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Can we close the gender gap in mathematics? Lessons learned from Secondary Schools in Ethiopia

Tue, April 16, 1:30 to 3:00pm, Hyatt Regency, Floor: Bay (Level 1), Seacliff B


Achieving gender equality on major educational outcomes is at heart of the efforts of most international organizations funding and implementing educational projects in developing countries. Eliminating gender disparities in education is embedded in the Sustainable Development Goals (SDGs) and at the best interest of everyone fighting for more equitable outcomes in education. Considering all educational cycles, girls are disadvantaged in relation to boys as they are more likely to never attend school (UNESCO, 2018). However, evidence regarding gender gaps in secondary education is mixed. In some contexts, including Latin America and Eastern Asia, boys are at greater risk of falling behind to progress and complete secondary education, yet the opposite trends exist in Sub-Saharan African and South Asian contexts (UNESCO, 2018). More importantly, even within a single country one can find trends that favor either sex. In addition, gender gaps vary according to the outcome being studied: girls tend to perform better than boys in reading, but boys tend to outperform girls in math and science. The conclusion is that we need to evaluate gender gaps in each context and to examine critically the reasons behind such gap.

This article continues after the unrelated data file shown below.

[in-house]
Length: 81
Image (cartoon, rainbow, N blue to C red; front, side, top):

This study will explore gender gaps in mathematics for secondary students in Ethiopia. Data for this study will correspond to subsequent evaluations of the Supporting Transition of Adolescent Girls through Enhancing Systems (STAGES) project, implemented in Ethiopia’s Wolaita Zone of the Southern Nations Nationalities and Peoples Region (SNNPR). The purpose of this paper is two-fold: a) to gauge the gender gap in mathematics performance and b) to understand which elements within the STAGES intervention are having a positive impact in math outcomes for girls. With regards to the first purpose, we will measure the gender gap in mathematics education in the Wolaita Zone using monitoring data collected yearly by the Ministry of Education. This data will allow us to measure the performance gap between girls and boys in mathematics across a variety of grade levels (4th, 7th and 9th) and to compare such gap to other subject gaps such as English. With regards to the second purpose, we will examine which elements of the STAGES intervention (capacity building activities, governance activities, school performance appraisal meetings, gender action plans, teaching training and methodology, new schools, toilets, tutorial program, material support, socio-emotional learning, mentoring, gender clubs, awards for high performing girls, campaigns and community initiatives) have the highest impact on the following outcomes : girls’ performance in mathematics, girls’ transition rates (between primary and secondary education), and girls’ attitudes towards math subject. Overall, this study will allow us to reflect more critically on what we can do to improve the situation of girls in secondary schooling, in relation to mathematics.


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